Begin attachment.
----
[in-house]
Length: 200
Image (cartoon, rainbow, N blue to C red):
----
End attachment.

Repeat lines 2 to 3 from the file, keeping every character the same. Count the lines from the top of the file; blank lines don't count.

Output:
Length: 200
Image (cartoon, rainbow, N blue to C red):